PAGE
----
Friday, November 2, 2018

Post-it found! the low-tech side of eLearning 3.0 ;-)

Greetings fellow three-point-oh'ers
(or is it just fellow eLearners?)

This past week in eLearning 3.0 (Week 2, aka 'the cloud'). This week's guest was Tony Hirsch, and what was discussed was the cloud, and specifically Docker.  Before I get into my (riveting) thoughts on the cloud, let me go back  to Week 0 (two weeks ago) and reflect a little on the thoughts I jotted down on my retrieved post-it note.

So, in the live session a couple of weeks ago (it's recorded if you want to go back and see it), Siemens said something along the lines of "what information abundance consumes is attention". This really struck me as both a big "aha!" as well as a "well, d'uh! why hadn't it occurred to me already? D'oh!". There has been a lot said over the past few years about how people don't read anymore (they skim), and how bad that is.  This ties into "what learners want" (a phrase I've heard countless times on-campus and off), and that tends to be bite-sized info, which leads us to the micro-learning craze.  While micro-learning, or bite-sized learning, has its place, it can't be the end-all-be-all of approaches to learning. When the RSS feed is bursting with around 1700 unread posts (my average day if I don't check it), the effort to really give 100% attention to each item is too much; and part of it is that full articles no longer come over RSS - it's just the title and perhaps the first 250 characters of the article if you're lucky, so the 'click to go to article' is a necessity if you want to read the full thing. Back in the day (ca. 2005) I could actually read most things because my unread count wasn't all that big.  So, as the abundance of data has become a reality, attention deficit seems like a natural connection to that.

Another thing that Siemens said was that before the "messiness of learning was viewed as a distraction from learning, whereas now the making sense part is the learning"  (paraphrased). This got me thinking about messiness and not-yet-ness. I agree that messy learning is what college (BA all the way to PhD) should be what learning is about, but how does that square with the mandates for learning outcomes and the measurability of those outcomes?  This is particularly pointed at the moment as this year one department I am affiliated with went through their 'academic quality' review, and my home department is going through ours in early 2019.  Messy works, but how do you sell it to the upper level admins? Also, how do you sell it to learners who have been enculturated into a transactional model of education?  I don't have the answers, but interesting points to ponder and discuss.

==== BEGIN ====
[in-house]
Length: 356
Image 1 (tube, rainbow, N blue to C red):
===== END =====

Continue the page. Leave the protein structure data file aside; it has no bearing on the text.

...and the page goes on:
Now, on a more geeky or technical side:  Docker and the cloud.  As Stephen and Tony were discussing the cloud. This made me think of tinkering as learning, authentic learning, and the aforementioned messiness in learning.   We now have the technology that allows us to spin off fresh instances of a virtual machine that has specific configurations.  I've been able to do this on Virtual PC (back before microsoft bought them) on my mac for ages.  It was actually a lot of fun to find old versions of Windows, OS/2, NEXTSTEP, and other operating systems and play around with them on my Mac.  It was a great learning opportunity.  But, but wasn't scalable. As a tinkerer I could do this on my own machines, but I couldn't distribute easily.  Now, if I were teaching a course on (insert software), I could conceivably create the 'perfect' environment and have students be able to spin-up instances of that to be able to try things out without the need to install something locally; not sure what licensing looks like in this field, but let's assume it's 'easy' to deal with. Whereas in prior eLearning (elearning 2.0?) the best that we could do is limited simulations with Articulate, we can actually afford to let the learners loose on a real live running instance of what they are learning.  When they are done, they can just scrap the instance.  Even if you needed to run the instance for an entire semester non-stop (15 weeks), that would still only cost the learner around $80.  Not bad!  The best thing about this?  You can freely mess around, and if you break something (irreparably), start from scratch!

Anyway, those are my thoughts on this week on eLearning 3.0 - what are your AHA moments?